One Day Blog Gimmick

So, apparently, “The Blogosphere is in deep mourning” and It has consequently decided to stop writing about Its cat for a day, “in honor towards” the latest US shooting craze victims. All that with shiny, yet appropriately sober, webtwozero buttons, because the Blogosphere likes nothing like an easy cut-n-paste mirror-effect logo to put in Its sidebar.

While some might be prompt to point at a culturally self-centred inconsequential web fad with vaguely nauseating marketing overtones, I won’t.

In fact, let’s take it one step further!

As of today, Tuesday, April 17th, the official death count for the ongoing Darfur genocide clocks in at a little over 400,000.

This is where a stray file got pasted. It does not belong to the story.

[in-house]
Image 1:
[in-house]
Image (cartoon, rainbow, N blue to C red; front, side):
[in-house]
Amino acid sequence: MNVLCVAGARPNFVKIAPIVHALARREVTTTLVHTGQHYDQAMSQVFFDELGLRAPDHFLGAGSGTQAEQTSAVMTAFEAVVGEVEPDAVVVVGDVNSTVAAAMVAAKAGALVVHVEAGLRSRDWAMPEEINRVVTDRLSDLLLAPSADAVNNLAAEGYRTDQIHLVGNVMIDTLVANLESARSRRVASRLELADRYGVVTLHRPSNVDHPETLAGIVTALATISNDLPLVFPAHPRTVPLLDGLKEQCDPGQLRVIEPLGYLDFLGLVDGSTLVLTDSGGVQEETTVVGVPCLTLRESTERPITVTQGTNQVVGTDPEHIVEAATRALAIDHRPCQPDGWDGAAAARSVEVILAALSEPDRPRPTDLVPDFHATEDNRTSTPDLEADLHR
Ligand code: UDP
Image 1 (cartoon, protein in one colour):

By my own calculation, and using the ongoing rate for online death commemoration, this gives us a mere 33.2 years, which we will round up to 30, for simplicity’s sake.

And it is therefore with great pleasure that I hereby introduce the 30yearBlogSilence initiative. Forgive me if I haven’t got the shiny web buttons ready, but feel free to set up a website for it.

As for the starting date, I think right fucking now is probably a good time: go ahead, I’ll be right behind you.

13 comments

  1. Hm. That’s a good start. Now, let’s take the 4 million people a year who die of drinking unclean water, and another 6 million or so who die from respiratory disorders caused by breathing smoke from cooking fires all the time. Plus people who are unvaccinated, and so on.

    Poverty is the big killer. Even what happened in Rwanda was small potatoes in comparison.